New Jersey craft beer production has exploded over the past four years. As of February 2018, the New Jersey Craft Beer Association has identified ninety-eight breweries and brew pubs in the State of New Jersey, as well as twenty-four “startup” breweries in the process of obtaining licensing or permits. The growth of craft breweries in the State is in no small part due to a trend in Trenton towards loosening the State’s strict liquor laws by steadily expanding the rights for breweries with Limited Brewery Licensees.

Prior to 2013, breweries were limited to selling their products to licensed retailers and wholesalers. If a brewery was interested in establishing a tasting room, it would be required to obtain a special permit—issued by a different regulatory agency—that limited service to 4 oz. samples. Then, in December 2013, a noticeable shift in policy took hold when the Limited Brewery License was amended to consolidate these laws and permit the consumption of full-sized beers on the premises. The amendment permitted breweries to sell their brews on site for consumption, but only if such beverages were offered in connection with a brewery or distillery tour.

Lindabury partner, Robert Anderson, shares his insight in NJBIZ’s recent article:  “The inside scoop on M&As: Plenty of big companies have learned the hard way how difficult mergers can be”

Sometimes, a planned M&A can get torpedoed because of decisions that were made long ago, notes Robert W. Anderson.  So a potential seller may wish to review its books and records long before putting up a “For Sale” sign.

One suggestion: do some housecleaning, and scour around for any loose ends. That’s because for a buyer, a “big part of an M&A involves due diligence; understanding what they’re buying and how the target company fits in with the acquirer’s business operations and goals,” says Anderson. “If they see a lot of issues, like unsigned contracts, or potential tax and other liabilities, they may back away from the deal.”

Corporate deadlock is often cited as a reason why the court should invoke its powers and order the sale of one shareholder’s stock in minority shareholder litigation. While deadlock is a legitimate reason to bring a lawsuit seeking the court’s intervention, it is not a magic bullet that will automatically lead to the court ordering a buyout of one or more shareholders.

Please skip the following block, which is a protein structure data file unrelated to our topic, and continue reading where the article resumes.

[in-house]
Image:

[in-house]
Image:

Deadlock is defined under the New Jersey Business Corporations Act and can be found under one of two circumstances. Deadlock can be found to exist when “the shareholders are so divided that they have not been able, for two consecutive meetings, to elect successors to directors whose terms have expired or would have expired if successors had been elected and qualified.” N.J.S.A. 14(a):12-7(1). The second manner in which deadlock may exist is if “the directors or other persons having management authority are unable to effect action on one or more substantial matters respecting the management of the company’s business.” N.J.S.A. 14(A):12-7(1).

The first deadlock provision may seem like an easy one to satisfy in closely held companies since many small companies do not hold formal shareholder meetings as required under the statute. The owners of small closely held companies are so focused on running the business that they forget about the formal requirements. Instead, since the shareholders in such companies generally work together closely and see each other practically every day, they make management decisions informally as necessary to operate the business and without formal meetings or corporate resolutions.

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Because of the fiduciary duties owed by business owners to each other, whether they are shareholders in a closely held corporation, members in a limited company, or partners in a general or limited partnership, a business owner generally is prohibited from competing with the company. This general prohibition can be modified by an agreement among the owners, but in the absence of such an agreement the prohibition stands.

Failure to do so is referred to as the diversion of corporate opportunities. An owner of a closely held business has a duty to bring to the company any business opportunity that the company would normally expect to seek to pursue. The opportunity must be presented to the company and cannot be pursued individually unless the company decides not to pursue that opportunity.

As with the prohibition on competition, the requirement to present all opportunities to the company can be altered by contract. Pursuant to N.J.S.A. 14A:3-1, a corporation can renounce its interest in, or expectancy of the opportunity to pursue, specific opportunities. One manner in which corporate opportunities can be relinquished is to insert the pertinent language in the Certificate of Incorporation. When starting a new business, if there is any thought that one or more owners might want the right to pursue competing opportunities, you want to include language in the Certificate of Incorporation, or a separate shareholder agreement, that specifies what competing businesses the shareholder may appropriate.